Stare at the Flame: Jane Schoenbrun on We’re All Going to the World’s Fair

There are many films about the internet and its effects, but so few seem to capture what it’s like being on the internet—staring at the screen, silent, maybe sitting in darkness, searching for something, probably what you’re doing right now. It’s a lonely place. Writer/director Jane Schoenbrun’s “We’re All Going to the World’s Fair” captures this experience with the story of a shy teen girl named Casey (Anna Cobb in an incredible first movie role), who is caught up in a spooky transformational online game called the “World’s Fair.” Is it real? Does she change after going through its incantations? An older man under the Skype handle JLB (Michael J. Rogers), reaches out to her after studying videos she has made to document her process. Meanwhile, Anna studies videos of other people who have played the game, or claim to, and her algorithm goes from one anonymous experience to the next with a meditative rhythm. 

“We’re All Going to the World’s Fair” is a particularly perfect film to watch completely alone. But the influences on Schoenbrun’s movie from the likes of Chantal Akerman, David Lynch, and Tsai Ming-Liang emphasize the gripping part of an in-cinema experience, in which one watches its characters for a long time to get lost in their sense of space. Or in this case, the internet. “We’re All Going to the World’s Fair” challenges what a film filled with characters staring at computers can look like and feel like, along with the binary of cinematic and storytelling language. It concerns the internal and external experience, especially when the internet will always be a great unknown.

In their directors statement for the film, Schoenbrun quotes critic Willow Maclay about dysphoria in the case of transgender cinema, and adds their own note: “I hope certain viewers will see something they recognize in these feelings and images … in its interior world and emotional turbulence … in its hazy aesthetic distortion and oneiric reflections on gendered bodies, ungendered bodies, and bodies in disarray. In its cinematic dysphoria. I hope it will make them feel a little less alone.”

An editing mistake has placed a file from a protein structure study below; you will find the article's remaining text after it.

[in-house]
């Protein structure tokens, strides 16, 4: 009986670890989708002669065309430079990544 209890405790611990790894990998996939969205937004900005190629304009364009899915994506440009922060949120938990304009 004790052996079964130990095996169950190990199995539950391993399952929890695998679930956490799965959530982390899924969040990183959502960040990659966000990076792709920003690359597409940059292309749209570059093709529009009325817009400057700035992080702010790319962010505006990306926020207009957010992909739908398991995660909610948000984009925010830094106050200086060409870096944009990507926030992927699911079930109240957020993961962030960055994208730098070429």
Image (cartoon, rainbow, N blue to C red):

Schoenbrun spoke to RogerEbert.com about the making of “We’re All Going to the World’s Fair,” the inspiration it takes from slow cinema, the secrets behind Anna Cobb’s incredible breakout performance, Schoenbrun’s future plans with horror, and more. 

When you were making this film, what was the ideal way you imagined people would watch it? 

I was definitely thinking about theatrical. While we were making it, I think I was acutely aware of how much the movie is asking of the viewers, especially American viewers who are maybe not as big fans of like, Abbas Kiarostami or Tsai Ming-Liang or something like that. The movie moves at a pretty slow tempo, and this was a very early decision because I think the movie is, as much as the movie is about aloneness and being in this solitary state, it’s also a movie that’s trying to capture boredom. So it has to be a little boring.